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Want to go deep with your small group this fall? We’ve discounted a handful of eBooks for you, with prices starting at $2.99–so you save up to 77%.

  • Authors include Scot McKnight, Greg Koukl, Chris Wright, Henry Cloud and John Townsend, and more
  • The topics range widely, but all of these...

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imageWe are living in one of the most skeptical eras ever.

Whether because of #FakeNews or post-modern relativism, our post-truth world posses a significant challenge to Christians who want to share their faith.

How does one speak into and reach a culture like that with the gospel?

Good question,...

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imageIn order to understand the nature of the Reformers’ disagreement with Rome, you have to understand the nature of two intertwining ideas that anchor Catholic sacramental theology: the “nature-grace interdependence” and the “Christ-Church interconnection.”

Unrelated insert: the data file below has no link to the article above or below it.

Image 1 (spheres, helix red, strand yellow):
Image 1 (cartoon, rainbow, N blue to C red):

Stephen Wellum...

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I have been thinking a lot about some of the general issues of translation, and one of the points that keeps coming up is the issue of metaphors. I would like your opinion.

Are metaphors inspired?

I am asking if the inspired authors chose to use a metaphor to convey meaning, are we required to use a...

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You know you have been talking too much about translation when your spouse throws your own words back in your face. Robin was reading Ps 102:12 the other day. “But you, Lord, sit enthroned forever; your renown endures through all generations” (NIV).

“Renown,” she laughed,...

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imageIn today’s excerpt from Grace Alone–Salvation as a Gift of God, Carl Trueman, professor of Historical Theology and Church History at Westminster Theological Seminary, gives us the background and context of Thomas Aquinas, the unexpected friend of grace alone.

***

 If...

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This month’s post concludes a post begun June 2017; please see that post for an explanation of versification. As mentioned there, this post will follow Hebrew numbering with Hebrew texts and English numbering with English texts.

imageimage

Articles “A” and “The” in v. 23b–d

He...